Our study explores mechanisms of translational control in leukemia and we will test new methods of cancer detection and therapy. Specifically, the translation factors eIF4E (4E) and eIF4A (4A) are highly expressed in human T-cell leukemia (T-ALL) specimens. Moreover, both factors act as oncogenic drivers in a murine T-ALL model (Wendel et al. 2004, Wolfe et al. 2014). We want to understand how aberrant translation promotes leukemia development and whether these changes provide opportunities for detection and therapy. Our recent work has shed light on 4A's role in T-ALL (Wolfe et al. 2014): For example, we found that 4A is needed to unwind RNA G-quadruplex (GQ) structures that mark the 5'UTRs of T-ALL oncogenes such as MYC, NOTCH, MYB (Wolfe et al. 2014). Accordingly, selective inhibitors of 4A (e.g. silvestrol) show powerful activity in T- ALL at dose levels that are tolerable in vivo. We will now focus on the translation program driven by the oncogenic 4E factor and further test diagnostic and therapeutic implications of aberrant mRNA translation in cancer. In principle, aberrant translation in cancer may simply increase overall protein production. However, we speculate that oncogenic translation factors like 4E and 4A drive specific translation programs that are encoded in a transcript's regulatory elements. This hypothesis is based on our recent identification of a conserved 4A responsive element in the 5'UTR of ~200 mRNAs in T- ALL (Wolfe et al. 2014).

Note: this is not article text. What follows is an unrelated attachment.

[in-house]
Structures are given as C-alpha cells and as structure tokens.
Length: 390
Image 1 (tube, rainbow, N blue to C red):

In Aims 1 and 2 we propose a systematic analysis to define exactly how 4E contributes to oncogenic translation. This is a long-standing interest in the lab and remains an important question in the field.
In Aim 3 we turn to the `translational' aspects and explore how we can use aberrant translation to detect and treat cancer.

Public Health Relevance

Exploring oncogenic translation programs in cancer H.Guido Wendel Project narrative The translation factors eIF4E (4E) and eIF4A (4A) are highly expressed in leukemia and other cancers and they can drive leukemia development in animals. We will explore the translation programs driven by these oncogenic translation factors. We will further explore new ways to utilize aberrant translation in cancer detection and treatment.

National Institute of Health (NIH)
National Cancer Institute (NCI)
Research Project (R01)
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Cancer Molecular Pathobiology Study Section (CAMP)
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Jhappan, Chamelli
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Sloan-Kettering Institute for Cancer Research
New York
United States
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